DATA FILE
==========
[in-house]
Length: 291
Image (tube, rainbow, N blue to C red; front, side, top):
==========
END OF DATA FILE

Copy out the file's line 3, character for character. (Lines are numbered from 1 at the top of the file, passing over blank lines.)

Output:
Image (tube, rainbow, N blue to C red; front, side, top):